As writers, we have an extra career. Every time we lift a pen or open a laptop, we envision our target audience and, you know, target them. I’ve always eschewed journalling as unmarketable and therefore unuseful. This argument becomes more persuasive the less time you have.

So taking time at the end of a full working/ parenting/ editing day to jot in a notebook is a big deal. And I’m enjoying it. It heightens my awareness during the day, because I’m looking for things to write down. On Friday I had to work through lunch, but during a loo break I found myself inventing collective nouns for our trickiest multi-site clients, and returned to my desk with a grin.

The Luminous Beings Project

Forcing myself to reflect allowed me to better process what I read and learned.

I went to a presentation on occupied Palestinian territories, held at a local church. It raised money for the Olive Tree Project, which sponsors plantings for agricultural workers who can’t get to their old farmland due to Israeli checkpoints and settlements. This gave me much to consider, as I’m from a culture extremely supportive of the Israeli government.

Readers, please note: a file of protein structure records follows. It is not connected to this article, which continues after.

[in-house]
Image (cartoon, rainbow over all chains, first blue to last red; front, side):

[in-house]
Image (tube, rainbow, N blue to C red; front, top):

I read through the latest volume of the online publication Cabinet of Heed. Pop open a drawer here. I especially recommend Mary Grimm’s “When We Lived in the Mall.” Her description of bedding down in a bookstore earned a place in my Book Quotes notebook.

Christmas tree ornaments: Santa bell, Yoda, Chewbacca, snowflake, fuzzy reindeer
Of course we have Star Wars figures among the cherished family ornaments on our tree.

It was a busy week of festive activities. I observed a younger family through their little bow-tied 8-year-old’s first piano solo in a community concert, and listened to support workers chat as they wheeled elderly people past a poppy-festooned tree at a Christmas Tree Festival. I fit in novel edits too (I’m now over 20% through the novel, and have already excised 35K, which is almost half my word-cutting target, so that’s…promising).